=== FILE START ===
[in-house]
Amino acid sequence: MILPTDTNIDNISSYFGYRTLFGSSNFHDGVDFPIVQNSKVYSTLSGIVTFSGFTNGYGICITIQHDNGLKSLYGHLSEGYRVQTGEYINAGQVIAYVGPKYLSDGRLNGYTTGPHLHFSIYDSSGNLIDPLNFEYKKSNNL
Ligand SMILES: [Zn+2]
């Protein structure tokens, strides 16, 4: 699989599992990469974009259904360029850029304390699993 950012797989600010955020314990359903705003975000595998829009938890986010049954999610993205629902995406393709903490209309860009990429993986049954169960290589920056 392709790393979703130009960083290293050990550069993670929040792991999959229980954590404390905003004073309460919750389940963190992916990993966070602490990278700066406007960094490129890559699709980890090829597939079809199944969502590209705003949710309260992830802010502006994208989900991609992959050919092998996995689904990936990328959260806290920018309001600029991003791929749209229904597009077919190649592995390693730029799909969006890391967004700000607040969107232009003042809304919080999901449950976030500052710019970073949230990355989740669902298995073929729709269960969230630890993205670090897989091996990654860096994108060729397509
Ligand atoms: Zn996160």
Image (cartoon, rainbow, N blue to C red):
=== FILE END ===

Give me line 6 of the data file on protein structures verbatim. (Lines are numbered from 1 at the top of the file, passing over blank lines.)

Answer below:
Image (cartoon, rainbow, N blue to C red):